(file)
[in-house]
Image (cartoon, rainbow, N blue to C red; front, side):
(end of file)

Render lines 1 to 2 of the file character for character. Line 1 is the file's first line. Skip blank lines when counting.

[in-house]
Image (cartoon, rainbow, N blue to C red; front, side):